The Court denies the government defendants' Motion for a Protective Order. Federal Rule of Civil Procedure 26 is broadly conceived. With limited exception, it affords parties access to information "reasonably calculated to lead to the discovery of admissible evidence." FED. R. CIV. P. 26(b)(1). One of those limited exceptions allows a court, "for good cause shown," to restrict or prohibit where necessary to "protect a party or person from annoyance, embarrassment, oppression, or undue burden or expense . . ." FED. R. CIV. P. 26(c). Because the information sought by the plaintiffs appears likely to lead to the discovery of admissible evidence that is, in turn, germane to both the plaintiff's as-applied challenge to the 8(a) Program and the plaintiffs common law claims against the Naing defendants, the defendants' Motion for a Protective Order is denied.

 A party opposing discovery bears the burden of showing why discovery should be denied. In response to the motion for expedited discovery, the federal defendants filed a motion for a protective order pursuant to Federal Rule of Civil Procedure 26(c). Therein they assert that, because the plaintiff is no longer eligible for the 8(a) program, the plaintiffs lack standing to challenge the qualifications of the Naing defendants and that any claim the plaintiffs might have had is moot by virtue of their present ineligibility. The federal defendants also maintain that private parties have no authority to police the 8(a) Program and that any evidence regarding such would be irrelevant to the plaintiffs' claims.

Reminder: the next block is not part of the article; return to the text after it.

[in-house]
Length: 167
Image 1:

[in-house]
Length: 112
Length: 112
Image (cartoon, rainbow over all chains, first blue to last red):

The federal defendants do not establish good cause to deny the plaintiffs' request. Rather, their opposition to the plaintiffs' request delves into the merits of the plaintiffs' claims. As part of a discovery dispute, such arguments are premature. Accordingly, the Court denies the government defendants' Motion for a Protective Order.

 B. The Naing defendants' Motion to Dismiss or, in the alternative to Stay Proceedings Pending Arbitration is denied because the plaintiffs' common law claims against the Naing defendants do not concern the application, interpretation, or performance of the failed Merger Agreement and are therefore outside the scope of the Merger Agreement's arbitration clause.

 The causes of action asserted against the Naing defendants fall entirely outside the scope of arbitration clause in the Merger Agreement. Therefore, the Court shall deny the Naing defendants' Motion to Dismiss or Stay Pending Arbitration.

 It is elementary that "parties to an arbitration agreement cannot be required to submit to arbitration any mater that they did not agree to that manner of dispute resolution. Davis v. Chevy Chase Financial, Ltd., 215 U.S. App. D.C. 117, 667 F.2d 160, 165 (D.C. Cir. 1981) (citing United Steelworkers of America v. Warrior & Gulf Navigation Co., 363 U.S. 574, 4 L. Ed. 2d 1409, 80 S. Ct. 1347 (1960)). Moreover, "[a] party who consents to the inclusion of a contract of a limited arbitration clause does not thereby waive his right to a judicial hearing on the merits of a dispute not encompassed within the ambit of the clause." Id. Whether a dispute is properly subject to arbitration is, in turn, a matter of contract. See Weatherly Cellaphonics v. Heiber, 726 F. Supp. 319, 321 (D.D.C. 1989).

 The arbitration clause in the Merger Agreement provides, in relevant part:

 
9.10 Arbitration. The parties shall meet in good faith to resolve any dispute that may arise between them regarding the application or interpretation of any provision of this ...